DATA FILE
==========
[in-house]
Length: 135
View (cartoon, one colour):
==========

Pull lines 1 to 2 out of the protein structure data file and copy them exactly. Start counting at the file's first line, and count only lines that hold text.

[in-house]
Length: 135